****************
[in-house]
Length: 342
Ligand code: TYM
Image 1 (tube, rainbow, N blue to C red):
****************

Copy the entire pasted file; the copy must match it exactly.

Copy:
[in-house]
Length: 342
Ligand code: TYM
Image 1 (tube, rainbow, N blue to C red):